Friday, March 13, 2020

Korea's use of computers, big data and robots in controlling COVID-19

As shown in the accompanying chart (click for a full size version) from the Korea Centers for Disease Control and Prevention, the daily number of new cases of the novel coronavirus (COVID-19) has decreased markedly over the past 12 days.  The bars in the chart represent the daily number of new cases, while the blue line depicts the cumulative total cases, which is beginning to level off.
Recent reporting by international media including CNN and the BBC indicate that rapid and large scale testing is part of the reason for Korea's success. The  Financial Times published a bar chart comparing Korea's volume of testing with that of other countries. (click for a full size version)

The CNN report, in particular, caught my eye.   It described the role of Seegene, a Seoul-based biotechnology company, in the development and production of test kits.  The report began by noting that "Before there were any cases of novel coronavirus confirmed in South Korea, one of the country's biotech firms had begun preparing to make testing kits to identify the disease."  South Korea has a strong commitment to biotechnology, much of it centered here in the new city of Songdo.  I have a birds-eye view of Samsung Biologics from my apartment on the Incheon Global Campus, just a 10 minute walk away.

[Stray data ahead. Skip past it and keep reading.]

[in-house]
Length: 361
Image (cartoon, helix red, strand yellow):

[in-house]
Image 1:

The CNN report on Seegene went on as follows. "In the basement of Seegene's headquarters in Seoul lies the key to the company's coronavirus success. There the company houses an artificial intelligence-based big data system, which has enabled the firm to quickly develop a test for coronavirus. Tests known as assay kits are made up of several vials of chemical solutions. Samples are taken from patients and mixed with the solutions, which react if certain genes are present. Without the computer, it would have taken the team two to three months to develop such a test, said Chun. This time, it was done in a matter of weeks."
In addition to the use of its own powerful computer and big data, Seegene made use of robots to automate the testing process, dramatically reducing the time it took.
Korea's approach to combating the novel coronavirus reminded me of reading Craig Venter's autobiography, A Life Decoded:  My Genome My Life.  Venter's approach to mapping the human genome depended upon investment in computing power and was dismissed by many leading scientists at the time.  It seems to me that Korea's approach to COVID-19 demonstrates what may be accomplished by leveraging digital technologies to attack the problem.

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